The inclusion of pet tech is important since, as the APPA notes, pet owners are more likely to use digital devices and technology compared to non-pet owners. The more you know, right?
How much do Americans spend on pet insurance?
With health bills like that, is it any wonder that so many people buy insurance for their pets?
While the APPA's report doesn't include statistics about pet insurance, we know from other sources that it's definitely on the rise as well.
According to the North American Pet Health Insurance Association (NAPHIA), North America's pet health insurance sector enjoyed record growth in 2017, when combined gross written premiums hit a whopping $1.2 billion. To put this number in perspective, that's 23 percent increase over the gross written premiums in 2016.
By the end of 2017, 2.1 million pets were insured in the United States and Canada (and that represented a 17 percent increased from 2016).
How much do Americans spend on food for their pets?
According to the APPA's report, food is (and historically has been) the largest spending category for pet-related purchases. In 2018, pet owners spent $30.32 billion on pet food, with premium dog food reigning supreme as the most-frequently purchased type of pet food on the market. "Rather than a higher volume of food being sold, the ongoing growth in this category likely stems from rising prices and sales of higher-priced foods made with quality ingredients," the APPA wrote in a press release for its 2018 report. "An interest in natural, locally-sourced treats and chews has never been higher across U.S. pet owners."
The organization projects even more spending on pet food in 2019, and estimates that Americans will spend $31.68 billion in this category by the end of this year.
"In the coming year, we anticipate steady growth in the pet food category thanks to opportunities that reside in specialized diets, targeting the aging pet population and pets with unique dietary needs," Vetere said. "The availability of fresh food options and subscription delivery programs is also expected to increase spending in this category."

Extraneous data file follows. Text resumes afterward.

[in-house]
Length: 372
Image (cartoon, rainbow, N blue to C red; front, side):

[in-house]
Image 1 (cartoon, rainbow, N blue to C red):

How much do Americans spend grooming their pets?
The APPA lumps grooming into its "other services" category, which also includes boarding, walking, training, pet sitting, and yard services. Americans spent a total of $6.11 billion on these services in 2018. This category is notable since it's actually an area where pet owners are spending less than they did in 2017, when they spent $6.16 billion on these services.
Do Americans spend more on dogs or cats?
While the APPA data above is general to the pet industry, the distribution of that spending between dogs and cats is not equal. In it's 2017-2018 National Pet Owners Survey, the APPA found that dog owners spend at least $240 per month caring for their pets, while cat owners spend just $161. Part of the difference is accounted for by the cost of owning each kind of pet—vet visits tend to cost more for dogs, for example—but dog owners also just spend more spoiling their pets than cat owners.
This trend is supported by scientific research, which has found that dog owners are, on the whole, willing to spend more on their pets than cat owners.